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IPFS News Link • Cuba


•, Margot Williams

"U.S. TAKES HOODED, Shackled Detainees to Cuba," declared the Washington Post headline on January 11, 2002. The reporters who wrote it were on the ground at Guantánamo Bay and in Kandahar, Afghanistan. I was in Washington, at my desk in the Post newsroom, where I worked as a researcher. As I read the story, one ominous revelation stuck with me: "The 20 prisoners, whose identities have not been made public …"

I would spend the next two decades learning those prisoners' names and covering the story of America's not-so-secret terrorism detention complex. It started as a research challenge: to uncover the secrets of what some have called the "American Gulag." Later, as hundreds more nameless "enemy combatants" were brought to the remote U.S. naval base on the south coast of Cuba, I followed the story through the brief wax and long wane of the Guantánamo news cycle. I wanted to know who was detained and why — and when the "war on terror" would end.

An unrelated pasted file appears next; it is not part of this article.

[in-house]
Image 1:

I collected boxes of files and spreadsheets of data, building a trove of Guantánamo research as I moved to new jobs and new cities. Along the way, I encountered other reporters and researchers with similar habits and disparate methods, all seeking to understand what was going on down there.

Some 780 Muslim men have been held at Guantánamo since 2002. More than 500 were released during the Bush administration, about 200 under President Barack Obama, one by President Donald Trump, and one so far by President Joe Biden. Many have been repatriated, while others have been transferred to countries that negotiated with the U.S. to accept them. Nine died in custody. Thirty-nine remain at Guantánamo today. Of those, 18 have been approved for transfer to other countries, including five approved by the Biden administration on Tuesday.